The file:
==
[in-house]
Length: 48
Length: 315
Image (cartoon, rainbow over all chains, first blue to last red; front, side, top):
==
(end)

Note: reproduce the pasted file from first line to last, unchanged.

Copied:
[in-house]
Length: 48
Length: 315
Image (cartoon, rainbow over all chains, first blue to last red; front, side, top):